My rating: 3 of 5 stars
e-book, 183 pages
Published April 8th 2014 by Delacorte Press
Available on: Hardcover, Kindle, Audiobook
The Here and Now by Ann Brashares is a YA story marketed as “an unforgettable epic romantic thriller” about Prenna James, a 17-year-old girl from the future, year 2090, who might be able to save the world if she manages to “follow the rules, remember what happened and never fall in love“.
I first heard of this book on the NetGalley’s Book Buzz Spring / Summer 2014 edition. The premise is very attractive. Time traveling to “save the world”. But what attracted me the most was that cover. It is eye-catching. The colors are my favorite colors in the world. The photograph behind the diamond art is intriguing. Thumbs up for the cover designer. It’s on my list of pretty covers.
The Here and Now is a super-fast entertaining read. I had just read a long difficult classic so The Here and Now was the perfect light read I needed.
It starts OK. Good intro. Prenna comes back from the future. An ugly future where the human race is becoming extinct thanks to a dengue-like disease caused by mosquitos. She’s not the only one, there’s a whole colony of 1000 people from the future living in the past. Ethan meets Prenna. He falls in love with her instantly as expected in YA reads. Their relationship is forbidden. But they begin an adventure together, breaking the rules to save the world.
I liked this story. I gave this book 3 stars because it started with a good premise and had a refreshingly unexpected ending for a YA story, but there are many loose ends. I’ve said this before, I know it’s YA and nothing makes sense in YA fiction. But I mean, 1000 people travel back in time from the future where everyone is dying, not by an alien invasion or zombies, nope, people are dying from mosquito bites. Does that make sense? These humans from the future have developed the technology that allows them to time travel back in time 80 years, yet they can’t eradicate the mosquito plague that has infected and killed the human race? No super power mosquito traps or mosquito repellents could save the day? They found the cure for AIDS, yet they couldn’t find the cure for the mosquito disease? Huh?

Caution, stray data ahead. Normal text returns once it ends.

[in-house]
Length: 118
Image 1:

Another loose end are the rules. These people come back in time and must follow 12 rules that oblige them to fit in while being invisible to the world? Huh? Why come back in time if you are not going to change the future? Why is Prenna the only one who wants to make something about this? She’s the only teen in the “colony” who wants to break the rules? All the other future peeps are content knowing that the life they had will never occur? Throughout the book we read letters from Prenna to her brother in the future. What’s the point? There is not going to be a brother in the future because the rules say they can’t change the course of history. Some might say that the letters were a romantic way for Prenna to say goodbye to her future life, sort of like therapy if you will. I tried that approach, but it just doesn’t add up.
The love story didn’t do it for me either. Even though these two were the adventurous type of love-birds breaking the rules and all in hopes for a future together, it was too instant. Prenna’s life depended on Ethan from the get go, and I would’ve liked Prenna to be a little more bad-ass than that, being from the future and all. Also their romantic scenes felt a little out-of-place. For example, there’s a love scene in the midst of their “mission” to prevent a murder. Who has time to go to the beach and chill in hotels before going to prevent a person from being killed?
I could keep going but then I would spoil completely the read and that’s not my point in this review. I don’t want to discourage you from reading it because it is an entertaining read. Even though there were many questions in the middle, the ending surprised me. It ended so differently than what you normally expect a YA love epic adventure story to end. These kids almost seemed adults. They took very mature decisions for their age. For some it may seem absurd, but to me it felt refreshingly good to read an ending like this. I don’t know if I’m was being too generous but this saved this book from getting only two stars.
I’m not a parent but I always comment on sex in YA books. I was gladly surprised that there is no premature teen sex in this book. Yes, they talk about it and even “sleep” together as in fall asleep in the same bed only, but gladly no sex. They get close, but they do have self-control. Also there are a couple of murders, graphically described, but sadly kids are watching so much violence on TV that maybe some might not be affected at all by this.
The Here and Now is definitely a book for teens 13 and up. It’s quick, light, entertaining and perfect for summer. If you are a grown-up and want to read it, do it with an open mind and don’t try to make sense of everything. That’s the only way you’ll fully enjoy it. There will be a movie about this book, no release date yet, it will be produced by the same people who produced The Sisterhood of the Traveling Pants, another book by Ann Brashares.
- dais: noun. A raised platform in a large room or hall that people stand on when performing or speaking to an audience.
- quaint: adjective. Obsolete.
- obliterated: verb. To remove utterly from recognition or memory.
- drones: verb. To talk in a persistently dull or monotonous tone.
Definitions taken from the Merriam Webster Online Dictionary.
Words have multiple meanings, what you read are those that apply at how the word is used in this book.
When you ask someone a question, it’s an invitation for them to ask you a question…
It’s a matter of great trust, I think, to be able to fall asleep in a person’s arms.